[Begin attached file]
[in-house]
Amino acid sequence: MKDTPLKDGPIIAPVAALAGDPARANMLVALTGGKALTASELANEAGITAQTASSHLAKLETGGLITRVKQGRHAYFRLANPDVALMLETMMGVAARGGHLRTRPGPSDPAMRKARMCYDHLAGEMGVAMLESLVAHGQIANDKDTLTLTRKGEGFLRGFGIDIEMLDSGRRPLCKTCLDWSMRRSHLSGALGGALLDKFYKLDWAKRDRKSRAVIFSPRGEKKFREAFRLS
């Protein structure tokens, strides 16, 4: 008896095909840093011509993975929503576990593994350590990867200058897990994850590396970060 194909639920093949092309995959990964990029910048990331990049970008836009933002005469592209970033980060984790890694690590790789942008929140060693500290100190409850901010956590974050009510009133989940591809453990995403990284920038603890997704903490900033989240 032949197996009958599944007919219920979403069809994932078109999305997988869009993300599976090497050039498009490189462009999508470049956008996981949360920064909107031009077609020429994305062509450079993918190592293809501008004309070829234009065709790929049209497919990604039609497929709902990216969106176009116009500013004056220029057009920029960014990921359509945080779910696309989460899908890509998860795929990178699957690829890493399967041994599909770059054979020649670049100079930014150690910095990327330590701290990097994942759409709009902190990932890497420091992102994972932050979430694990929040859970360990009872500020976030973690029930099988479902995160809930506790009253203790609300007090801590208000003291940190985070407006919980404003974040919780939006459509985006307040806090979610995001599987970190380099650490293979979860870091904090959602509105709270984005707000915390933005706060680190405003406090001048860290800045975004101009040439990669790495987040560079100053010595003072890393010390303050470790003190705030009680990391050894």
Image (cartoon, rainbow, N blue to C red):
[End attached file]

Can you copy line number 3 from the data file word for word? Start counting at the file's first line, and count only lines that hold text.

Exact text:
């Protein structure tokens, strides 16, 4: 008896095909840093011509993975929503576990593994350590990867200058897990994850590396970060 194909639920093949092309995959990964990029910048990331990049970008836009933002005469592209970033980060984790890694690590790789942008929140060693500290100190409850901010956590974050009510009133989940591809453990995403990284920038603890997704903490900033989240 032949197996009958599944007919219920979403069809994932078109999305997988869009993300599976090497050039498009490189462009999508470049956008996981949360920064909107031009077609020429994305062509450079993918190592293809501008004309070829234009065709790929049209497919990604039609497929709902990216969106176009116009500013004056220029057009920029960014990921359509945080779910696309989460899908890509998860795929990178699957690829890493399967041994599909770059054979020649670049100079930014150690910095990327330590701290990097994942759409709009902190990932890497420091992102994972932050979430694990929040859970360990009872500020976030973690029930099988479902995160809930506790009253203790609300007090801590208000003291940190985070407006919980404003974040919780939006459509985006307040806090979610995001599987970190380099650490293979979860870091904090959602509105709270984005707000915390933005706060680190405003406090001048860290800045975004101009040439990669790495987040560079100053010595003072890393010390303050470790003190705030009680990391050894």